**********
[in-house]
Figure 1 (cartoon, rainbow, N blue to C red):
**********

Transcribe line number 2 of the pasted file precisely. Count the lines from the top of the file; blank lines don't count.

Figure 1 (cartoon, rainbow, N blue to C red):